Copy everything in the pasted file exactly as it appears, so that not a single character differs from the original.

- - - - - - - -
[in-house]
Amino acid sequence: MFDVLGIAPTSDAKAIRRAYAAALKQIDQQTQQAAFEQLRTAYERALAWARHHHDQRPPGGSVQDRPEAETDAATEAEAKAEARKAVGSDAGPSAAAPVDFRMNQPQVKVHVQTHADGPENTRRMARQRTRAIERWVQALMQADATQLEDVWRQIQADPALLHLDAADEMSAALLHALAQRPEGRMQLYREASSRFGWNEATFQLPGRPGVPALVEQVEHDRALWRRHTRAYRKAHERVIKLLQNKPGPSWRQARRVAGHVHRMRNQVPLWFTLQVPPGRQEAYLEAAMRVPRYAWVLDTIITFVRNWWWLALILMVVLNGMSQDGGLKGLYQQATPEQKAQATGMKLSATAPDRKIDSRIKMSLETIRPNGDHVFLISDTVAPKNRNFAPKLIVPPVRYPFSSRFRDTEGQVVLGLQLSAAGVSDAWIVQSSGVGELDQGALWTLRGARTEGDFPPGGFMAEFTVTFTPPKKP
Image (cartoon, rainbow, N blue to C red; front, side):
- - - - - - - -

[in-house]
Amino acid sequence: MFDVLGIAPTSDAKAIRRAYAAALKQIDQQTQQAAFEQLRTAYERALAWARHHHDQRPPGGSVQDRPEAETDAATEAEAKAEARKAVGSDAGPSAAAPVDFRMNQPQVKVHVQTHADGPENTRRMARQRTRAIERWVQALMQADATQLEDVWRQIQADPALLHLDAADEMSAALLHALAQRPEGRMQLYREASSRFGWNEATFQLPGRPGVPALVEQVEHDRALWRRHTRAYRKAHERVIKLLQNKPGPSWRQARRVAGHVHRMRNQVPLWFTLQVPPGRQEAYLEAAMRVPRYAWVLDTIITFVRNWWWLALILMVVLNGMSQDGGLKGLYQQATPEQKAQATGMKLSATAPDRKIDSRIKMSLETIRPNGDHVFLISDTVAPKNRNFAPKLIVPPVRYPFSSRFRDTEGQVVLGLQLSAAGVSDAWIVQSSGVGELDQGALWTLRGARTEGDFPPGGFMAEFTVTFTPPKKP
Image (cartoon, rainbow, N blue to C red; front, side):